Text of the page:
Improving Wireless Sensor Network Lifetime through Power Aware Organization
- Cite this article as:
- Cardei, M. & Du, DZ. Wireless Netw (2005) 11: 333. doi:10.1007/s11276-005-6615-6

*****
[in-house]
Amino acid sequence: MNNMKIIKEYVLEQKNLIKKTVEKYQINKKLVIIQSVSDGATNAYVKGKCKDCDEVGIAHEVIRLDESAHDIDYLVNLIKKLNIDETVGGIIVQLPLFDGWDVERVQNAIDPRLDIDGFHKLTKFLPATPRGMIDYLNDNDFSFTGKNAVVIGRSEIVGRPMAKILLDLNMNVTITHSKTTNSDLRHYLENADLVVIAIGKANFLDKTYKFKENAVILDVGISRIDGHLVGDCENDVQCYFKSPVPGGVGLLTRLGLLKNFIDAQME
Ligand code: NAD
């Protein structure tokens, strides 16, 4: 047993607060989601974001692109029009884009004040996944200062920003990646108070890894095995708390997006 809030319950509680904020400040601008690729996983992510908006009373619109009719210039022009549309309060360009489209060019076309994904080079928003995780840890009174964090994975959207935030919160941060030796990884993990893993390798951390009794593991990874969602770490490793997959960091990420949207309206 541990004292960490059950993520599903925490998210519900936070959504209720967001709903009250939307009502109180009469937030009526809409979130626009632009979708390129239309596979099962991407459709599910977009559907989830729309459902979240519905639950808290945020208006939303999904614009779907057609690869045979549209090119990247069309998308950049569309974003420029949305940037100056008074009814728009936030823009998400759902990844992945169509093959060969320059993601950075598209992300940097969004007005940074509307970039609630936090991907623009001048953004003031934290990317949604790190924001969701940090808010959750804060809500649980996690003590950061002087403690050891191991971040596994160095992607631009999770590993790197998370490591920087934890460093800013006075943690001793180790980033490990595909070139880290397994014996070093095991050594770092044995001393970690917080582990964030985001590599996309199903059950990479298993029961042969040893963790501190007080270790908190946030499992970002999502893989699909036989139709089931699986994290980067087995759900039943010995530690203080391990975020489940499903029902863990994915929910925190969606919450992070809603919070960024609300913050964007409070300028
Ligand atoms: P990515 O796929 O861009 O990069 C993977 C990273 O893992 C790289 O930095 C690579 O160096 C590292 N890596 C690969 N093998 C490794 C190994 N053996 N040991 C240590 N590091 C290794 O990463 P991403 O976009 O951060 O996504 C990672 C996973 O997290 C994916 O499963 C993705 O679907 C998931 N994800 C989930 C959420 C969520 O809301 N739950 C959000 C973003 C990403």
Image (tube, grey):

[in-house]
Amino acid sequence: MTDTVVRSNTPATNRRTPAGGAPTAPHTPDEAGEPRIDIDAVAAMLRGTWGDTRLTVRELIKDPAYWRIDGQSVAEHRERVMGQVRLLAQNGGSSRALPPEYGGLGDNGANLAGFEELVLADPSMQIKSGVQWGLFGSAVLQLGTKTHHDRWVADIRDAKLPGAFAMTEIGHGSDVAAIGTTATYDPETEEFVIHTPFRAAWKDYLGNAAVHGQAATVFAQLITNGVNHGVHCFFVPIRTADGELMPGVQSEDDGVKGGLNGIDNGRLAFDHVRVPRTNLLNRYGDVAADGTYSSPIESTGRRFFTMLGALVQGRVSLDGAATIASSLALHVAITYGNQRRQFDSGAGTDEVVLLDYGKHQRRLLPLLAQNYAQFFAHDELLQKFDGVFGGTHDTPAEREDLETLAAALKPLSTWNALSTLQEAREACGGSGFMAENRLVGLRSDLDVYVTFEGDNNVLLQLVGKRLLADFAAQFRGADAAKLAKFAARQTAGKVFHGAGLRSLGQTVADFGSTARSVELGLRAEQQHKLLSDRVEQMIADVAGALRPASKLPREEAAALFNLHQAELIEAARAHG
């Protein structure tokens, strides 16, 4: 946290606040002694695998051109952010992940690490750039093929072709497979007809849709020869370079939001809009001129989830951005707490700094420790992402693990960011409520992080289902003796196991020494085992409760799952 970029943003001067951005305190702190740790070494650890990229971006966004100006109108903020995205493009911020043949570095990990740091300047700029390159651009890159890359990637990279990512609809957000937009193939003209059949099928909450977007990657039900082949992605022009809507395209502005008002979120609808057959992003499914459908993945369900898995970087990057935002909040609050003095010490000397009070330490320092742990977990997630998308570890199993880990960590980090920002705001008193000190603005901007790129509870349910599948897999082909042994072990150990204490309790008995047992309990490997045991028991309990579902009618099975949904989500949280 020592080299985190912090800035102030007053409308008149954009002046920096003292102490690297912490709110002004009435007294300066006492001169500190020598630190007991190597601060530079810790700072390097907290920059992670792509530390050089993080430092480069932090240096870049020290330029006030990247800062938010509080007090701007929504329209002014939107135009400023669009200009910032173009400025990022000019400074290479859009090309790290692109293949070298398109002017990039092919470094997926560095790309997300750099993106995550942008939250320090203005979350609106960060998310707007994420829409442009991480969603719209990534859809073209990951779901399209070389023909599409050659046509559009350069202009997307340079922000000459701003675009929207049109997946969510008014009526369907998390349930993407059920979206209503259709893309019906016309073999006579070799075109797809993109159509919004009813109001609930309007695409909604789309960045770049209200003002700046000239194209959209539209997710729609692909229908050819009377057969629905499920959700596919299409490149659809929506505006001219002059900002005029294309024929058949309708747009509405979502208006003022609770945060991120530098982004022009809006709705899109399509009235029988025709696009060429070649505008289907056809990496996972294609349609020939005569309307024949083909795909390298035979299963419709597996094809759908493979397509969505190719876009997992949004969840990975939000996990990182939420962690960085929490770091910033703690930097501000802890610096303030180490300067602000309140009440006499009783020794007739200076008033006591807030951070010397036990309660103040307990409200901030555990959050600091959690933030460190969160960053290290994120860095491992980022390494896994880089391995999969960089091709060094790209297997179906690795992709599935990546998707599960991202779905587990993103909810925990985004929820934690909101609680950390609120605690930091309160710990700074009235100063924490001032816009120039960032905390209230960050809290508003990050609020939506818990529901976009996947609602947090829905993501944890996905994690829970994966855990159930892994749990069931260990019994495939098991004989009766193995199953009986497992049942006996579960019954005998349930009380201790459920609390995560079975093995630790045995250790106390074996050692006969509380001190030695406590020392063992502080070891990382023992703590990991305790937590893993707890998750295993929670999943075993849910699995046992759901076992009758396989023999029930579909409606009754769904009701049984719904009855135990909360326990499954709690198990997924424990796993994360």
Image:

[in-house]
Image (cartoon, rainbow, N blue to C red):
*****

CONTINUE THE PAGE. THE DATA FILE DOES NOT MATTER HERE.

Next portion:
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A critical aspect of applications with wireless sensor networks is network lifetime. Battery-powered sensors are usable as long as they can communicate captured data to a processing node. Sensing and communications consume energy, therefore judicious power management and scheduling can effectively extend operational time. To monitor a set of targets with known locations when ground access in the monitored area is prohibited, one solution is to deploy the sensors remotely, from an aircraft. The loss of precise sensor placement would then be compensated by a large sensor population density in the drop zone, that would improve the probability of target coverage. The data collected from the sensors is sent to a central node for processing. In this paper we propose an efficient method to extend the sensor network operational time by organizing the sensors into a maximal number of disjoint set covers that are activated successively. Only the sensors from the current active set are responsible for monitoring all targets and for transmitting the collected data, while nodes from all other sets are in a low-energy sleep mode. In this paper we address the maximum disjoint set covers problem and we design a heuristic that computes the sets. Theoretical analysis and performance evaluation results are presented to verify our approach.